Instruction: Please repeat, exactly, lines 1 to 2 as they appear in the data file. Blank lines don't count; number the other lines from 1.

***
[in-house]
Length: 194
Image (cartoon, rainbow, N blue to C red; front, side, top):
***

[in-house]
Length: 194